The Power of Drastically Reduced Ambitions

I take hope wherever I can find it.  This week, I was reading about how the demands of modern life easily put us humans in a constant state of “fight or flight.”  Our nervous systems are chronically amped, pumping cortisol through our bodies.   And sociologist Dr. Christine Carter puts it “I was living in a constant state of flight or flight, created by a pernicious and unrelenting sense that I was not getting it all done.”


Orchard cat, Goof, inviting me to pause and pet!

I think when people come to church, one of the things they can be looking for are tangible ways of dealing with this constant state of fight or flight.   Changing something about our lives can simply feel overwhelming.  But I was reminded (as I often need to be) of the power of the small things, the small shifts.  Particularly when it comes to soothing our overly amped nervous systems.   And hearing that some fancy Senior Fellow at UC Berkeley, who specializes in happiness and productivity (and former marathon runner), runs for 9 minutes most days while her children pressed snooze…. Right! the power of doing a little bit, a lot.   As Carter puts it:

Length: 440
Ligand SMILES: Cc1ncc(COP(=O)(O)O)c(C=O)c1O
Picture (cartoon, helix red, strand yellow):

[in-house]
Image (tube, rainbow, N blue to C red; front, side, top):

For a former marathon runner, slowly jogging for less than a mile a few days a week seems pathetically unambitious. But here’s the thing: I’m now consistently running twenty miles more per month than before I drastically reduced my ambitions.  This is because before I started just a little bit of exercise each weekday morning, I was spending a lot of time planning my exercise but very little time actually exercising. What working single mom can work out for an hour before getting her kids off to school? – Dr. Christine Carter, “The Sweet Spot.”

We can find hope in a kinds of places.  What small thing, what drastically reduced ambition might open up some hope for you this week?

I look forward to worshiping with you all this week: Planting Trees in the Apocalypse-
When asked what he would do if he knew the world would end tomorrow, Martin Luther is said to have responded, “I would plant a tree today.” We explore why we should plant trees. Our worship leaders are Rev. Darcy Baxter, Avonelle Tomlinson, and Bernadette Burn



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